Evolutionary divergence of the c-terminal domain of complexin accounts for functional disparities between vertebrate and invertebrate complexins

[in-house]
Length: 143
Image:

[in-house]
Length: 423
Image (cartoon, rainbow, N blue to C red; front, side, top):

Complexin is a critical presynaptic protein that regulates both spontaneous and calcium-triggered neurotransmitter release in all synapses. Although the SNARE-binding central helix of complexin is highly conserved and required for all known complexin functions, the remainder of the protein has profoundly diverged across the animal kingdom. Striking disparities in complexin inhibitory activity are observed between vertebrate and invertebrate complexins but little is known about the source of these differences or their relevance to the underlying mechanism of complexin regulation. We found that mouse complexin 1 (mCpx1) failed to inhibit neurotransmitter secretion in Caenorhabditis elegans neuromuscular junctions lacking the worm complexin 1 (CPX-1). This lack of inhibition stemmed from differences in the C-terminal domain (CTD) of mCpx1. Previous studies revealed that the CTD selectively binds to highly curved membranes and directs complexin to synaptic vesicles. Although mouse and worm complexin have similar lipid binding affinity, their last few amino acids differ in both hydrophobicity and in lipid binding conformation, and these differences strongly impacted CPX-1 inhibitory function. Moreover, function was not maintained if a critical amphipathic helix in the worm CPX-1 CTD was replaced with the corresponding mCpx1 amphipathic helix. Invertebrate complexins generally shared more C-terminal similarity with vertebrate complexin 3 and 4 isoforms, and the amphipathic region of mouse complexin 3 significantly restored inhibitory function to worm CPX-1. We hypothesize that the CTD of complexin is essential in conferring an inhibitory function to complexin, and that this inhibitory activity has been attenuated in the vertebrate complexin 1 and 2 isoforms. Thus, evolutionary changes in the complexin CTD differentially shape its synaptic role across phylogeny.